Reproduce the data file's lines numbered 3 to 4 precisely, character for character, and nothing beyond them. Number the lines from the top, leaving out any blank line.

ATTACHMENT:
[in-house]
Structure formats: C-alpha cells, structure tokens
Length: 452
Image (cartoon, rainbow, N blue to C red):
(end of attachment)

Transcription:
Length: 452
Image (cartoon, rainbow, N blue to C red):